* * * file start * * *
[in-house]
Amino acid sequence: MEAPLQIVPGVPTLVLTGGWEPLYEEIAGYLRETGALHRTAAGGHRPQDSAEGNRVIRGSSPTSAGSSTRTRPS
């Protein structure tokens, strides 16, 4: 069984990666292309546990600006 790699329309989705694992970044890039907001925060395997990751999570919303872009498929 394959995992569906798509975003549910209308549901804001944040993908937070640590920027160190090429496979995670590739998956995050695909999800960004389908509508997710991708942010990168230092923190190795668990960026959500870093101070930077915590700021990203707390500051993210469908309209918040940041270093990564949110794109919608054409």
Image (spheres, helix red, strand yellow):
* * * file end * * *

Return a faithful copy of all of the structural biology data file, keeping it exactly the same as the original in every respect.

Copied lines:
[in-house]
Amino acid sequence: MEAPLQIVPGVPTLVLTGGWEPLYEEIAGYLRETGALHRTAAGGHRPQDSAEGNRVIRGSSPTSAGSSTRTRPS
């Protein structure tokens, strides 16, 4: 069984990666292309546990600006 790699329309989705694992970044890039907001925060395997990751999570919303872009498929 394959995992569906798509975003549910209308549901804001944040993908937070640590920027160190090429496979995670590739998956995050695909999800960004389908509508997710991708942010990168230092923190190795668990960026959500870093101070930077915590700021990203707390500051993210469908309209918040940041270093990564949110794109919608054409």
Image (spheres, helix red, strand yellow):